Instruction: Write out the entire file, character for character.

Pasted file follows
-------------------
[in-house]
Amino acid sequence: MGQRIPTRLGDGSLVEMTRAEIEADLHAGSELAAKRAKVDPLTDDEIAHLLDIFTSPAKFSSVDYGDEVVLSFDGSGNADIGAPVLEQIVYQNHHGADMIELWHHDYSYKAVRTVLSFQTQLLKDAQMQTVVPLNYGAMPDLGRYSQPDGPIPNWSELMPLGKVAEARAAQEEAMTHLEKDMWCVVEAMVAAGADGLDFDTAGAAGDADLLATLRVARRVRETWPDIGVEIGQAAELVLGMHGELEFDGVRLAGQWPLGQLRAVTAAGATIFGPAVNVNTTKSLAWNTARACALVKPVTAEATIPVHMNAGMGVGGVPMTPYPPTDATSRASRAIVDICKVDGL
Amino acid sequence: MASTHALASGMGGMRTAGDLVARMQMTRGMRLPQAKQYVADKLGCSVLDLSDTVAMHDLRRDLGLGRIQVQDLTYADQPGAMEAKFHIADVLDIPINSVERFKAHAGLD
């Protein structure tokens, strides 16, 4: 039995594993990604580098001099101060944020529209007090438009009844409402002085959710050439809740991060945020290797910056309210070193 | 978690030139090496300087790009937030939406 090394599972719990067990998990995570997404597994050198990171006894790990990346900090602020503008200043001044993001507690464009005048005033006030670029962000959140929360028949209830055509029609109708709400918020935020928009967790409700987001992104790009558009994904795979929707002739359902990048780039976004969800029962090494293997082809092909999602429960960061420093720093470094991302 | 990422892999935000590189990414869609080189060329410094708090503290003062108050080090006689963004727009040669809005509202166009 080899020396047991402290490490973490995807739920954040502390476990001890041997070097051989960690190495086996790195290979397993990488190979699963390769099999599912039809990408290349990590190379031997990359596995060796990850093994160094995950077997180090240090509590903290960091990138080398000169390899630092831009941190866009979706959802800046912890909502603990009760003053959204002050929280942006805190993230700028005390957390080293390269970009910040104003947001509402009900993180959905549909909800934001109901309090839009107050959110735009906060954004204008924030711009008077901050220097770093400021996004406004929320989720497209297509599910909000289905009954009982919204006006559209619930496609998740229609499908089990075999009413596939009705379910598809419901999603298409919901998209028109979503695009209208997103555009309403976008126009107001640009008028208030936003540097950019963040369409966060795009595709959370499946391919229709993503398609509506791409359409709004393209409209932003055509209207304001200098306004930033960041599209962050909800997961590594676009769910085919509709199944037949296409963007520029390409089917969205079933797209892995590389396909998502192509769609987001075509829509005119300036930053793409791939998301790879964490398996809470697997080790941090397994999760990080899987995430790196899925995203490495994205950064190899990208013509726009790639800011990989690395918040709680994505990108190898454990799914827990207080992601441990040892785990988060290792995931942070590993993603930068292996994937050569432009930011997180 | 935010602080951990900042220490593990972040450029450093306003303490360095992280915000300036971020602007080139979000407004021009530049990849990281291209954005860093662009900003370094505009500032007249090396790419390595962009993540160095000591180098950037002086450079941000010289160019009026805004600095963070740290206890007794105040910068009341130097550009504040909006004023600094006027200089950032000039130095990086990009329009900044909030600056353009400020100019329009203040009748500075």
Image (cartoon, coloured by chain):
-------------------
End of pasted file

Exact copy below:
[in-house]
Amino acid sequence: MGQRIPTRLGDGSLVEMTRAEIEADLHAGSELAAKRAKVDPLTDDEIAHLLDIFTSPAKFSSVDYGDEVVLSFDGSGNADIGAPVLEQIVYQNHHGADMIELWHHDYSYKAVRTVLSFQTQLLKDAQMQTVVPLNYGAMPDLGRYSQPDGPIPNWSELMPLGKVAEARAAQEEAMTHLEKDMWCVVEAMVAAGADGLDFDTAGAAGDADLLATLRVARRVRETWPDIGVEIGQAAELVLGMHGELEFDGVRLAGQWPLGQLRAVTAAGATIFGPAVNVNTTKSLAWNTARACALVKPVTAEATIPVHMNAGMGVGGVPMTPYPPTDATSRASRAIVDICKVDGL
Amino acid sequence: MASTHALASGMGGMRTAGDLVARMQMTRGMRLPQAKQYVADKLGCSVLDLSDTVAMHDLRRDLGLGRIQVQDLTYADQPGAMEAKFHIADVLDIPINSVERFKAHAGLD
């Protein structure tokens, strides 16, 4: 039995594993990604580098001099101060944020529209007090438009009844409402002085959710050439809740991060945020290797910056309210070193 | 978690030139090496300087790009937030939406 090394599972719990067990998990995570997404597994050198990171006894790990990346900090602020503008200043001044993001507690464009005048005033006030670029962000959140929360028949209830055509029609109708709400918020935020928009967790409700987001992104790009558009994904795979929707002739359902990048780039976004969800029962090494293997082809092909999602429960960061420093720093470094991302 | 990422892999935000590189990414869609080189060329410094708090503290003062108050080090006689963004727009040669809005509202166009 080899020396047991402290490490973490995807739920954040502390476990001890041997070097051989960690190495086996790195290979397993990488190979699963390769099999599912039809990408290349990590190379031997990359596995060796990850093994160094995950077997180090240090509590903290960091990138080398000169390899630092831009941190866009979706959802800046912890909502603990009760003053959204002050929280942006805190993230700028005390957390080293390269970009910040104003947001509402009900993180959905549909909800934001109901309090839009107050959110735009906060954004204008924030711009008077901050220097770093400021996004406004929320989720497209297509599910909000289905009954009982919204006006559209619930496609998740229609499908089990075999009413596939009705379910598809419901999603298409919901998209028109979503695009209208997103555009309403976008126009107001640009008028208030936003540097950019963040369409966060795009595709959370499946391919229709993503398609509506791409359409709004393209409209932003055509209207304001200098306004930033960041599209962050909800997961590594676009769910085919509709199944037949296409963007520029390409089917969205079933797209892995590389396909998502192509769609987001075509829509005119300036930053793409791939998301790879964490398996809470697997080790941090397994999760990080899987995430790196899925995203490495994205950064190899990208013509726009790639800011990989690395918040709680994505990108190898454990799914827990207080992601441990040892785990988060290792995931942070590993993603930068292996994937050569432009930011997180 | 935010602080951990900042220490593990972040450029450093306003303490360095992280915000300036971020602007080139979000407004021009530049990849990281291209954005860093662009900003370094505009500032007249090396790419390595962009993540160095000591180098950037002086450079941000010289160019009026805004600095963070740290206890007794105040910068009341130097550009504040909006004023600094006027200089950032000039130095990086990009329009900044909030600056353009400020100019329009203040009748500075």
Image (cartoon, coloured by chain):